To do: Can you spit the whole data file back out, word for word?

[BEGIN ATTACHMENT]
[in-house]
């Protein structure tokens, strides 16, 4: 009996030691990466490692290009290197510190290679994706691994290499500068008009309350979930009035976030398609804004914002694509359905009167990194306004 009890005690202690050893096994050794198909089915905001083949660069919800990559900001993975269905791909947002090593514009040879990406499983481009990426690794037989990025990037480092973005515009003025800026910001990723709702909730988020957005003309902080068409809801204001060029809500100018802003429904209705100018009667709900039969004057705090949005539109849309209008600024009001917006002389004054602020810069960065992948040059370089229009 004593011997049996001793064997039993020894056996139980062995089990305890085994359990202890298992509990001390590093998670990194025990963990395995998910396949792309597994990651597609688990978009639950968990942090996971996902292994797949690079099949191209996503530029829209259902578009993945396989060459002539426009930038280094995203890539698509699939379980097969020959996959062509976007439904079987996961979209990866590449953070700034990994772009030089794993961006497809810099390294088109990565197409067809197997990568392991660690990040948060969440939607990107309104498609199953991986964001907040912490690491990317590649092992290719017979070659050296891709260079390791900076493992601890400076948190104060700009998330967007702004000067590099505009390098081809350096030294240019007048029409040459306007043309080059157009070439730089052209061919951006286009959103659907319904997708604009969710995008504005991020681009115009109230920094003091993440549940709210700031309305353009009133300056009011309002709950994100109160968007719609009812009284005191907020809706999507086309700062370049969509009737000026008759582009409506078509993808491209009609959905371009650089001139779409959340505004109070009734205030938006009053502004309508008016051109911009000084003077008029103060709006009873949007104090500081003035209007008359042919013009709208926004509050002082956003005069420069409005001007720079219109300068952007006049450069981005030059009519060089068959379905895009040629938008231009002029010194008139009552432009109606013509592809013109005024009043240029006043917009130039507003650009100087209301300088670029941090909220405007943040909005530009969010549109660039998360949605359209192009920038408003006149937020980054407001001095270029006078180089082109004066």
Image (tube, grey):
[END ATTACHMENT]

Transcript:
[in-house]
């Protein structure tokens, strides 16, 4: 009996030691990466490692290009290197510190290679994706691994290499500068008009309350979930009035976030398609804004914002694509359905009167990194306004 009890005690202690050893096994050794198909089915905001083949660069919800990559900001993975269905791909947002090593514009040879990406499983481009990426690794037989990025990037480092973005515009003025800026910001990723709702909730988020957005003309902080068409809801204001060029809500100018802003429904209705100018009667709900039969004057705090949005539109849309209008600024009001917006002389004054602020810069960065992948040059370089229009 004593011997049996001793064997039993020894056996139980062995089990305890085994359990202890298992509990001390590093998670990194025990963990395995998910396949792309597994990651597609688990978009639950968990942090996971996902292994797949690079099949191209996503530029829209259902578009993945396989060459002539426009930038280094995203890539698509699939379980097969020959996959062509976007439904079987996961979209990866590449953070700034990994772009030089794993961006497809810099390294088109990565197409067809197997990568392991660690990040948060969440939607990107309104498609199953991986964001907040912490690491990317590649092992290719017979070659050296891709260079390791900076493992601890400076948190104060700009998330967007702004000067590099505009390098081809350096030294240019007048029409040459306007043309080059157009070439730089052209061919951006286009959103659907319904997708604009969710995008504005991020681009115009109230920094003091993440549940709210700031309305353009009133300056009011309002709950994100109160968007719609009812009284005191907020809706999507086309700062370049969509009737000026008759582009409506078509993808491209009609959905371009650089001139779409959340505004109070009734205030938006009053502004309508008016051109911009000084003077008029103060709006009873949007104090500081003035209007008359042919013009709208926004509050002082956003005069420069409005001007720079219109300068952007006049450069981005030059009519060089068959379905895009040629938008231009002029010194008139009552432009109606013509592809013109005024009043240029006043917009130039507003650009100087209301300088670029941090909220405007943040909005530009969010549109660039998360949605359209192009920038408003006149937020980054407001001095270029006078180089082109004066």
Image (tube, grey):